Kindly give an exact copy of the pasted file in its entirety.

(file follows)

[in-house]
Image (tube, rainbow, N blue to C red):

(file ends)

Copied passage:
[in-house]
Image (tube, rainbow, N blue to C red):